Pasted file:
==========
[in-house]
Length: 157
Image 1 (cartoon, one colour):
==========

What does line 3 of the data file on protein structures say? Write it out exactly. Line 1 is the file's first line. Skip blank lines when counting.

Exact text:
Image 1 (cartoon, one colour):